Editing Is a Conversation


Editing Is a Conversation

Too often people view editing as a one-way service in which the editor “corrects” the author’s prose. To get the most out of the author–editor relationship, however, it’s important to remember two things:

• Editing is a conversation.
• Edits are suggestions.

(Though general principles still apply, the following is geared toward the relationship between indie authors and editors. In traditional publishing the author will usually not communicate directly with the copy editor or proofreader.)

The Conversation: Working Together

The author and editor are partners working in service of the reader. This relationship is laid out beautifully in one of my favorite books—The Subversive Copy Editor by Carol Fisher Saller. (I will never stop recommending this book!)

The editor is there to help the author and to honor the author’s voice. As with any good conversation, this means that the editor must practice the art of listening so that they can hear that voice before they can edit effectively.

Of course, editors also bring expertise that authors may not possess. This expertise includes adherence with style guides and dictionaries, awareness of inclusivity concerns, and knowledge of publishing standards.

But, again, it’s important to remember that the author’s voice should always be honored, so if maintaining that voice and serving the audience means bending a guideline, then that’s what the editor will do. Style sheets exist in part to record exceptions to style so that they can be applied intelligently and consistently.

If an author has a style preference, they should let their editor know, and authors should feel empowered to “push back” against their editor. I’ve put that phrase in quotes because, when pushing back, authors will usually be surprised by how little resistance they meet.

Edits Are Suggestions

Whether an author is reviewing a tracked change or a comment, the author does not have to accept that change or suggestion. The author is paying the editor for the service, so it’s advisable to consider the editor’s suggestions, but the author always has the power to reject an edit.

If an author feels as though they’re fighting their editor every step of the way and arguing every change, then that’s probably a good sign either that they’re not ready for editing (which requires an openness to being edited) or that they’re working with the wrong editor.

If the former, then the author may need to open themselves to being edited and remember that the editor is there to help. It’s easy to be defensive, but too much defensiveness can work against the reader.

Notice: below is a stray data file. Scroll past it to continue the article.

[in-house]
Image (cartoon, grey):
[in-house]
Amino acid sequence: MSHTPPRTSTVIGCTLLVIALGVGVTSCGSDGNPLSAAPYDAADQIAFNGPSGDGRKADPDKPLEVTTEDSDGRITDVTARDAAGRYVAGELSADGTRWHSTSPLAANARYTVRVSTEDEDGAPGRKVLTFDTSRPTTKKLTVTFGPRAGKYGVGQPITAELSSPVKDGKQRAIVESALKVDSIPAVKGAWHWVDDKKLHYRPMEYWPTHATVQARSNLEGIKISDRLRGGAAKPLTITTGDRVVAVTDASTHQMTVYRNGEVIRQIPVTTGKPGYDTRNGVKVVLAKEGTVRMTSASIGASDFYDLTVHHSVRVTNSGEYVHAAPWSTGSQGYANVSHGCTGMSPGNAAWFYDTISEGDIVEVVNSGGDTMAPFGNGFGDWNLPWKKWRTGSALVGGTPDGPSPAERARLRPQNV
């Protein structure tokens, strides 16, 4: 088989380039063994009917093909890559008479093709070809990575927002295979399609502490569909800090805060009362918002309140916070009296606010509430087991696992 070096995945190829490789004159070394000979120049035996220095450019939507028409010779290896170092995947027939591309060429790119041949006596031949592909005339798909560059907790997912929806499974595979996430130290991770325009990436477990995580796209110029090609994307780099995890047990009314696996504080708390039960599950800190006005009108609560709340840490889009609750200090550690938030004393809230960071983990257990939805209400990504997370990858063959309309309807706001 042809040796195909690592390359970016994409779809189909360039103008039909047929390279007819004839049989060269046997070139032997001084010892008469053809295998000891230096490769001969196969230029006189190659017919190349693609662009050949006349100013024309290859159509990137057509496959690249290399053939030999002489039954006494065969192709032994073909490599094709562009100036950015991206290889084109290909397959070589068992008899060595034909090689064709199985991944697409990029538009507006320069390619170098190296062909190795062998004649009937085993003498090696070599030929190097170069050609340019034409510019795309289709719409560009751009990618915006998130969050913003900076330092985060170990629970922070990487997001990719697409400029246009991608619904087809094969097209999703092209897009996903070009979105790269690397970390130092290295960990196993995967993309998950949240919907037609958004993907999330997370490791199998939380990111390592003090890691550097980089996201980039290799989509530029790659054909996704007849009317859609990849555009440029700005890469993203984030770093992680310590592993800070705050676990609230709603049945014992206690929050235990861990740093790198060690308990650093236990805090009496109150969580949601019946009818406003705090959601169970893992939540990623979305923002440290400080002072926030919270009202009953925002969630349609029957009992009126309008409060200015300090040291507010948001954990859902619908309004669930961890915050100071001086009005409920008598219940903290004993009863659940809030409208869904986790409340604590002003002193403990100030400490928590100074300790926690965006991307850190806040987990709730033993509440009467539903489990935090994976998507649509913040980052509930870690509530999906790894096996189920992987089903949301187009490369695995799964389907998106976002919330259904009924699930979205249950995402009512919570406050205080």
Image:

If the latter, then the author may need to rethink the relationship. A great author and great editor may not pair well for any number of reasons, and there’s nothing wrong with amicably parting ways.

The Conversation

Perhaps the most effective way to ensure that editing is a helpful conversation is to remember that it is a conversation. As with all conversations, politeness and respectfulness should be maintained at every stage, by both parties.

Before Editing

Sometimes an author–editor fit can be determined only by working through an edit, but authors can learn a lot about their editor by reviewing their website, social media posts, and listings in professional organizations.

A sample edit shows an editor’s editing style (heavy, medium, or light), their ability to use basic markup functions, and their commenting style (a good comment should explain the issue, explain why it’s an issue, and offer a suggestion or resource).

Email exchanges also indicate an editor’s professionalism, timeliness, and demeanor. Editors are sometimes open to video calls (though, of course, editors are notoriously introverted).

During Editing

The editor’s primary means of communication during editing is through tracked changes, comments, and the style sheet.

While an editor will usually make silent edits to clean up such things as double spaces, spaces around returns, and straight quotes), these silent edits will be listed on the style sheet, and other edits will be tracked for the author’s review.

This is part of the open conversation so that the author is fully aware of what the editor is doing and there are no surprises.

Comments are essential for explaining edits, querying such things as continuity issues, and even offering the occasional “Well done!”

Needless to say, an editor’s comments should never be condescending or mean spirited.

The style sheet is a separate document that details general guidelines for editing, exceptions to style, a word list of proper nouns and manuscript-specific styles, a character list with character details (helpful to ensure such things as eye color don’t change during the course of the story!), setting details, and a timeline (a big aid for continuity concerns).

After Editing

When the editor returns the manuscript and style sheet, they will continue the conversation with an editorial letter (usually an email) covering the work. I’ve also been employing Loom to use video to add a personal touch and demonstrate such things as good practices for reviewing tracked changes.

The conversation may continue if the editor will also be reconciling edits after the author’s review, and I always make it a point to encourage authors to send me any questions that arise while they’re reviewing the edits.

The Ongoing Conversation

It’s a beautiful thing when authors and editors work together to present readers with works that inspire, amaze, and take them to faraway places of wonder. Keep the conversation going, and make it a good one.

Leave a Comment